Descriptive statistics is commonly used in the field of medical research studies. It is used to quantitatively describe the main features of a set of data. Inferential statistics differs in that it is used to reach conclusions that generalise beyond the immediate data. Descriptive statistics are used to present quantitative descriptions of large amounts of data in a clear and understandable way. MathCAD offers a variety of descriptive statistical functions to reduce large amounts of data into a much simpler summary. Descriptive statistics are generally presented along with more formal analyses, to give the audience an overall sense of the data being analysed.

I plan to go through the following basic functions:

1. mean(A,B,C,...)

2. median(A,B,C,...)

3. mode(A,B,C,...)

4. percentile(v,p)

These functions take single or multiple scalars or arrays, and return the mean, median, and mode, respectively, giving measures of the location of a data point relative to the rest of the distribution. The best choice of location estimator depends on the general dispersion or distribution of your data.

Mean

In statistics we refer to this also as the "arithemetic mean" and is the most commonly used type of average. To calculate the mean of a set of numbers this involves simply adding the total sum of the numbers in a set divided by the number of items in the set. The other types of averages such as the median and th mode will be discussed later on.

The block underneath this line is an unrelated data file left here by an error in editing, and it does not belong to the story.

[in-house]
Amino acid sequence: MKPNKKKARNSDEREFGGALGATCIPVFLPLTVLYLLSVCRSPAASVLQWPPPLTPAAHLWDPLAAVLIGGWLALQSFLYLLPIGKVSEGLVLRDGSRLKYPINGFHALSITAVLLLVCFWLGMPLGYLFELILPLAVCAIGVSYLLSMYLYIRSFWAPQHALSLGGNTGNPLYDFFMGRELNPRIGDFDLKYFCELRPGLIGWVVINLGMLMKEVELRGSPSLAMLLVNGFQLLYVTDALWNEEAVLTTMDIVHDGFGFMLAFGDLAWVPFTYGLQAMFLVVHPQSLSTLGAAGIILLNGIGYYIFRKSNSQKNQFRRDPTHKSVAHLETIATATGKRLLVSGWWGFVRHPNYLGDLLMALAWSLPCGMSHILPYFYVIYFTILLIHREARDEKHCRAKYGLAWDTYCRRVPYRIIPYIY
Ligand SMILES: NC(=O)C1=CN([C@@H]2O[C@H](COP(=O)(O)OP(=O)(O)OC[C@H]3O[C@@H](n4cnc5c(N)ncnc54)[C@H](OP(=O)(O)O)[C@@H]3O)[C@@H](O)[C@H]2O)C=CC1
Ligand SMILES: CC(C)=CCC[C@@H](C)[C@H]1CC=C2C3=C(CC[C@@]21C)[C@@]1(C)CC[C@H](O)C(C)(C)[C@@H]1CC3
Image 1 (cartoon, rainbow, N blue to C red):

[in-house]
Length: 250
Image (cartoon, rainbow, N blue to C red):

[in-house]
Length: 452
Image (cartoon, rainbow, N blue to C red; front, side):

Example:

Consider the following numeric data:

The arithmetic mean or average of N values is given by the following formula:

The mean is sensitive to changes in values of one or more data points:

The mean is greatly affected by significant outliers. So you may find that the mean is a poor description of the central location if this is the case.

You may choose to trim the outliers and find the "trimmed mean" for a better estimate.

Consider the "trimmed" numeric data:

As you can see I have chosen to leave out the value 46 which was a significant outlier in this set.

MathCAD automatically readjusts all the values of the formulas and recalculate the new mean for this data set.

I plan to go through the following basic functions:

1. mean(A,B,C,...)

2. median(A,B,C,...)

3. mode(A,B,C,...)

4. percentile(v,p)

These functions take single or multiple scalars or arrays, and return the mean, median, and mode, respectively, giving measures of the location of a data point relative to the rest of the distribution. The best choice of location estimator depends on the general dispersion or distribution of your data.

Mean

In statistics we refer to this also as the "arithemetic mean" and is the most commonly used type of average. To calculate the mean of a set of numbers this involves simply adding the total sum of the numbers in a set divided by the number of items in the set. The other types of averages such as the median and th mode will be discussed later on.

Example:

Consider the following numeric data:

The arithmetic mean or average of N values is given by the following formula:

The mean is sensitive to changes in values of one or more data points:

The mean is greatly affected by significant outliers. So you may find that the mean is a poor description of the central location if this is the case.

You may choose to trim the outliers and find the "trimmed mean" for a better estimate.

Consider the "trimmed" numeric data:

As you can see I have chosen to leave out the value 46 which was a significant outlier in this set.

MathCAD automatically readjusts all the values of the formulas and recalculate the new mean for this data set.

Mathcad Software Support

CADDIT Australia

CADDIT Australia